Propagandhi - The Recovered EP (Cover Artwork)
Staff Review

Propagandhi

Propagandhi: The Recovered EP

The Recovered EP (2010)

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2.5
Depending on my mood, my top three Propagandhi albums shift position but remain the same: How to Clean Everything, Less Talk, More Rock, Supporting Caste. These albums feature the group's best writing, in terms of political missives, rock music and humor. Given that Caste came out just last year, I'...

Depending on my mood, my top three Propagandhi albums shift position but remain the same: How to Clean Everything, Less Talk, More Rock, Supporting Caste. These albums feature the group's best writing, in terms of political missives, rock music and humor. Given that Caste came out just last year, I'm still riding on a 'gandhi high. With this week's release of The Recovered EP online, I was primed for another fix. Culling tracks nixed from the band's first two albums (i.e.--my other two favorite records), it seemed like the surest of punk rock bets.

This shit sucks.

In hindsight, it seems obvious why Recovered would be a letdown. These songs were forgotten about 15 years ago in favor of tunes like "Anchorless," "Anti-Manifesto" and the still-relevant "Ska Sucks." The better songs won. And let's be honest, frontman Chris Hannah didn't really come into his own as a lyricist until the new millennium. Sure, there's a beauty in the directness of "Stick the Fucking Flag Up Your Goddam Ass, You Sonofabitch," but it's not exactly the most eloquent, mature form of political discourse. "What Price Will You Pay?" is a bit of a groaner--"How many lives will be taken and crushed out" go the opening lines--on par with Anti-Flag's weaker lyrical moments. Smashing the state is important, but ya gotta have a good anthem to unite the revolution.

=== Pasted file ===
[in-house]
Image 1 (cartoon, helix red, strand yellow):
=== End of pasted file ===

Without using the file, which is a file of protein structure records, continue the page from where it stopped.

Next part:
Former member John K. Samson's contribution, "Leg-Hold Trap," is a little better. In retrospect, it's kind of hard to believe the Weakerthans frontman was ever in a hardcore band, but here he is getting verbose and nasally. The music sounds like Clean-era 'gandhi (as in, it sounds like NOFX), and arguably could have been on the album if Samson's style hadn't been so completely different from Hannah's songwriting. Parts of this sound more like indie rock, which probably wouldn't have gelled with the album. But then again, Samson's half of "Showdown" was jarring too, so whatever.

"Gamble" is a mid-tempo number about a lady trying to put the moves on Hannah, and he ain't having none. It's catchy, but like the other two songs, doesn't quite top what the band was turning out in the '90s. While it and "Leg-Hold Trap" are solid enough, they're not lost treasures, although superfans might get stoked on these new old songs. Everyone else is better off picking up my top three.